Our Favorite Gear for Creating Studio-Style Shoots on the Road
MARCH 17, 2014
By Dan Havlik
Photographers spend a lot of their time on the road these days, traveling from assignment to assignment with little more than the clothes on their backs and their photo gear stuffed into overflowing camera bags. Consequently, the gear you travel with needs to be portable, durable and, above all else, reliable. Thankfully, manufacturers are producing cameras, lights and accessories that fit these criteria.
What’s the best mobile stuff out there? As with anything, it’s a matter of opinion and personal taste. To help narrow down some favorites, I compared notes with photographer friend David Dupuy, who hauls his gear on the road to shoot events, portraits and products. Together, we came up with the following list of mobile photo gear to help you create a studio-style shoot outside your home studio.
Cameras & Lenses
The camera you choose to take with you on assignment is probably one of the easier decisions you’ll make. Even medium-format camera systems, such as Phase One’s 645DF+ with its IQ2 back, or Hasselblad’s H5D, are relatively lightweight and built tougher than earlier models. Meanwhile, some pro digital SLRs are offering resolution on par with medium-format cameras, in rugged, fast-shooting camera bodies. The image quality and performance of compact, mirrorless cameras continues to improve, with the new full-frame Sony Alpha 7 and 7R models drawing interest from pros.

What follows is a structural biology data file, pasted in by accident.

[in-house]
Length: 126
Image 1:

For my money, though, the 36.3-megapixel, full-frame Nikon D800E ($3,300) is still the best travel camera. The D800E’s resolution rivals medium-format cameras so your images can be blown up to billboard size without much discernable loss of detail. The D800E is nearly identical to the D800 but with one key difference: It features a specially designed anti-aliasing filter with no low-pass filter effect. The result is images that are among the sharpest and most detailed I’ve seen with a DSLR. On the downside, you will see more moiré in your shots but in a studio environment, even on the road, that’s easily controllable and preventable.
If space/weight is at a premium during a travel shoot and I could take only one lens, it would be Tamron’s SP 24-70mm F/2.8 Di VC USD ($1,299) in a Nikon mount to use with the D800E. Along with offering the classic, all-purpose focal length and an f/2.8 aperture, this Tamron lens has something its pricier rivals from Nikon and Canon don’t offer: optical image stabilization via Tamron’s Vibration Compensation technology. While optical image stabilization might not be as necessary in a controlled studio lighting environment, when you’re traveling on assignment, you might end up shooting with just available light, in which case, the VC in this lens will help you keep things sharp.